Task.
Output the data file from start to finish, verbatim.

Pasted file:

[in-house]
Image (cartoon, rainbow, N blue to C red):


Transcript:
[in-house]
Image (cartoon, rainbow, N blue to C red):